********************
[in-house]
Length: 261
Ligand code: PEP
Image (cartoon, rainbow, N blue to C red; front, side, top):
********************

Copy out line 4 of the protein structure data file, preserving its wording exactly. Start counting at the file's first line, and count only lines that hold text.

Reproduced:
Image (cartoon, rainbow, N blue to C red; front, side, top):